Manufacturing executives concerned about cybersecurity protection

Manufacturing executives lack confidence their assets are protected from external threats, a study by Deloitte and the Manufacturers Alliance for Productivity and Innovation (MAPI).

By Gregory Hale, ISSSource December 23, 2016

Manufacturing executives lack confidence their assets are protected from external threats, a study by Deloitte and the Manufacturers Alliance for Productivity and Innovation (MAPI).

Due to the growing severity and sophistication of cyberattacks, 52% of surveyed executives are either very confident or extremely confident their organization’s assets are protected from external threats, leaving 48% of manufacturers somewhat confident or less.

On top of that, nearly 40% of manufacturing companies ended up affected by cyber incidents in the past 12 months, and 38% of those that felt the effects indicated cyber breaches resulted in damages in excess of $1 million, the report said.

The findings illustrate manufacturers have a keen awareness of the present and future risks their organizations face, and have opportunities to fine-tune their strategies to address what lies ahead.

"The pace and impact of innovation, coupled with cyber security risk, creates a risk environment that must be carefully managed," said Brian Clark, partner, Deloitte & Touche LLP, and co-author of the study. "Product innovation can rapidly make existing products obsolete, potentially delivering considerable value to the innovator while leaving the unprepared facing competitive disadvantages. Further, technological innovation enables the manufacturing business model more, but can present a strategic risk as well. For manufacturers to thrive amid the ever-changing risk landscape, a company’s risk assessment practices should align with those changes."

Manufacturers noted the top motives of cyberattacks to be financial theft, intellectual property theft, and targeted attacks on senior executives for financial gain or access to company strategies or investments.

These manufacturers reported that in the past 12 months, the highest number of incidents originated within the organization (46%), while 39% came from external sources and 15% originated from vendors and business partners.

Persistent threats

Top threats arising from within the organization include phishing/pharming (32%), direct abuse of information technology systems (25%), errors/omissions (26%), and use of mobile devices (24%).

"Organizations should establish a risk assessment program that fits into its unique culture and risks," said Les Miller, internal audit council director and deputy general counsel of MAPI. "Since change is constant and can occur suddenly, ongoing efforts to enhance the sophistication and variety of risk assessment techniques are needed."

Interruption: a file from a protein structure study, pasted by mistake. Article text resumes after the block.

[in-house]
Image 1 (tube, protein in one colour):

Industrial control systems operate highly automated manufacturing processes where employee safety, environmental protection, and operational efficiency are of paramount importance. Yet, 50% of surveyed companies indicate they perform vulnerability testing for industrial control systems less than once a month and 31% have never done an assessment.

These are essential tools for identifying and mitigating cyber risks on the shop floor and clarifying organizational responsibilities between IT and operational technology employees. By implementing technologies to provide automated 24/7 cyber threat monitoring, manufacturers can become more vigilant in protecting critical manufacturing operations.

Increasing reliance on technology-enabled connected products brings a new set of risks to manufacturers. Among executives surveyed, 45% said their organization uses mobile applications and 35% cited sensor controls. However, 40% of respondents said they have not yet incorporated connected products into the company’s cyber incident response plan.

Planning ahead before a breach occurs—so the entire organization is prepared to respond and quickly neutralize threats—can help companies become more resilient.

Leading companies design security into connected products and integrate them into the cyber program from the start.

"Company leadership needs to understand their comprehensive cyber risk profile to appropriately allocate resources to mitigate risk," said Stephen Gold, president and chief executive at MAPI. 

Gregory Hale is the editor and founder of Industrial Safety and Security Source (, a news and information Website covering safety and security issues in the manufacturing automation sector. This content originally appeared on Edited by Chris Vavra, production editor, CFE Media, Control

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